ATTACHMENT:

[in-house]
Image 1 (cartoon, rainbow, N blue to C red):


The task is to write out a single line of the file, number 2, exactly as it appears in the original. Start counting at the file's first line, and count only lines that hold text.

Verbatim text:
Image 1 (cartoon, rainbow, N blue to C red):